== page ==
Senator Lilian Timveos has called on the Government to act immediately to stop the mass closure of companies in Zimbabwe, especially banks and mining firms. Speaking during debate in the Senate on Wednesday July 15, 2015, Senator Timveos said the company closures were causing financial hardship on workers, whose assets were now being seized by creditors. Below is her full debate:
PROVISION OF FUNDING TO THE DISTRESSED AND MARGINALISED INDUSTRY FUND
Second Order Read: Adjourned debate on motion on economic challenges resulting in individuals and companies being heavily indebted.
Question again proposed.
SENATOR TIMVEOS: Thank you Mr. President. I am very much thankful for having this opportunity to debate this very important motion. I also want to thank the mover of the motion Senator T. D. Khumalo and the seconder Senator Ncube. Mr. President, the shortage of money in Zimbabwe as formal banking system commonly known as the ‘liquidity crunch’ has led to many companies collapsing. People are being thrown out of work and in some cases, it affects the rest of the family. It affects wives and children; children do not go to school anymore because the fathers will not be working. Companies are closing down and this is worsened by the failure of banks which have failed to actually give the depositors their money after they have closed doors.
According to the Deposit Protection Corporation latest updates on closed banks – Mr. President, if I can just refer to my notes because I want to mention all the banks that have been closed. In view of the current legislative framework no compensation was made to depositors
of failed banking institutions whose resolution methods did not entail liquidation. These are NDH, Highveld, Inter-Market Bank, Inter-Market Discount House, Original Trust Bank, Royal Bank and Barbican Bank whose assets were sold to ZABG in 2005.
More banks were closed down from 2004, that is Afro-Asia Bank, Allied Bank, Interfin Bank, Capital Bank, Trust Bank, Royal Bank, Genesis Investment Bank, Century Discount House, Rapid Discount House and Sagid Finance House. Some of the remaining banking institutions are making super profits out of the misery of the people. Families are breaking apart and some people flee the country to escape debts. Others are engaging in cat and mouse games, changing addresses and phone numbers to dodge their creditors.
Mr. President, this is not right, the Government should put in place policies to assist bankers and companies which are facing heavy debts and liquidation. Mr. President, on a daily basis, we read about properties and goods being auctioned because the owners have failed to pay their debts. People also need protection of the law to save their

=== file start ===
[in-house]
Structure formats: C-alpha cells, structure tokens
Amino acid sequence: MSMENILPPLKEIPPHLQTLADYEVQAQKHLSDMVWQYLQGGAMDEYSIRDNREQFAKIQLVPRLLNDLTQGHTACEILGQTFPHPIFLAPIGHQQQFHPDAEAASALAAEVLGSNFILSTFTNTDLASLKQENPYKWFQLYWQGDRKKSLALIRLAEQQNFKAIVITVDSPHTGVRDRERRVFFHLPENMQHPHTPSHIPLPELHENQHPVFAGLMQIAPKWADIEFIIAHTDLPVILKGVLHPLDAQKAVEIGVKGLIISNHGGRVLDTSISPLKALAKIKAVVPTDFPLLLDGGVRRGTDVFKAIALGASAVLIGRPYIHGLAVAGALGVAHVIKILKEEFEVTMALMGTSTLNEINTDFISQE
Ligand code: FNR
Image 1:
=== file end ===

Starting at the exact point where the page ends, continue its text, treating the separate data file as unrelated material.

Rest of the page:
goods from loan sharks, illegal debt collectors and unregistered auctioneers who are springing up everywhere. Zimbabweans need protection from these people because they are actually charging exorbitant administration fees which actually makes it worse for the debtors.
The Legal Practitioners Act Chapter 27.7, Mr. President, under Section 9 states that, ‘Only a legal practitioner with a valid practicing certificate can issue out letters of demand and take legal action on behalf of third parties’. Mr. President, this is not happening; there is a lot illegal deals that are going on and illegal sharks that are really sprouting around everywhere. This is giving a lot of problems to the people who owe money and they are actually losing a lot of properties through these illegal debt collectors.
Mr. President, this is a very important motion and surely we should really look at our policies as Government. I am not saying that the people who owe monies should be protected but policies should be clear
to actually make sure that everyone who is dealing with collecting money that is owed is a legal practitioner.
In conclusion Mr. President, I understand the Government is in talks with CABS to revive the Distressed and Marginalised Industry Fund. We hope this facility can be availed soon. However, we should not leave the job of bailing out our companies to the private sector alone. It should be the State’s responsibility to ensure that businesses are operating and that people are going to work. I also like to end by giving you the example of the constituency where I come from, Midlands Province. We have an example of Sabi Gold Mine which was closed over a debt of over US$2m. That mine is actually rich in gold but the workers are now being stripped of their goods by creditors because they cannot pay. The mine was actually the guarantor of these debts while the State was a guarantor of ZMDC debts. This cycle debt has now also affected businesses that are owed money by these insolvent State corporations. So really, Mr. President, as Government we need to look at our policies strongly. I thank you.